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“Restoration work yields beautiful art in historic abbey”

Abbaye de Saint Hilaire
Certificate of Excellence
Reviewed 28 January 2014

Just a 15 minute drive from our lodging near Carcassone, we found the beautiful and historic Abbey of Saint Hilaire, the site where the first sparkling wine was produced.

The abbey is first mentioned in writing in 825 CE. The monks in the abbey of St. Hilaire are the ones that actually discovered the original technique to produce sparkling wine in 1531 CE.

Monks no longer live in the abbey but the caretakers were exceptionally friendly as they showed us the beautiful cloister added to the abbey in the 14th century. Our guide was especially eager to show us the east gallery where restoration work on the intricate 16th century paintings on the ceiling and rafters of the apartment were underway. I also spotted and photographed the remains of a lovely painting of an angel in the hallway.

The caretakers also invited us to photograph the lovely chapel that now serves as the village church. The altar is sculpted marble from the 12th century and depicts the life and martyrdom of St. Sernin, the first bishop of Toulouse in the 3rd century CE. St. Sernin was tied to a bull then the bull was goaded into a frenzy. When I first saw it I thought it was a converted Roman sarcophagus as it looks very similar to those I have seen from the third century but it is too small for an adult human body. The curator speculates in the brochure that it must have been produced as an altar. There are several other explanations, though. After the martyrdom described, I doubt if St. Sernin's body was intact so what was left could have fit in the sarcophagus. The other possibility is that St. Sernin, like many Romans, could have been cremated or reduced to bone because of the destruction of his body. His remains obviously must have been kept in some other container then later placed in the sarcophagus after it's completion in the 12th century. These are my speculations, though, not the official position.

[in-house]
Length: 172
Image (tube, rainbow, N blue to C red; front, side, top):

The sarcophagus was carved by a sculptor known only as the Master of Cebestany. This artist is thought to have produced other works in Spain, Italy and at other sites in France. His style is noted for triangular faces, low foreheads, high ears, hands with long fingers and very detailed clothing.

The abbey has a tumultuous history. It had much of its lands confiscated by the Cathars and was ransacked by the heretics during the Albigensian Crusade in the 12th century and the monks had to defend the abbey again from the ravages of the 100 Years War. The surrounding village was burned by Protestant forces in 1574 CE. So it is almost a miracle in itself that much of the structure still remains standing. Ongoing restoration has revealed additional paintings covered over by whitewash in subsequent years. It will be fascinating to see what is revealed when the restorations are completed.

Thank mharrsch
This review is the subjective opinion of a TripAdvisor member and not of TripAdvisor LLC